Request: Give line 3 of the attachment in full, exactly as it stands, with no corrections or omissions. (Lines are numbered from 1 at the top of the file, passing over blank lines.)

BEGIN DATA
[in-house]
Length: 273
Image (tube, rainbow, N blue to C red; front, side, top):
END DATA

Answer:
Image (tube, rainbow, N blue to C red; front, side, top):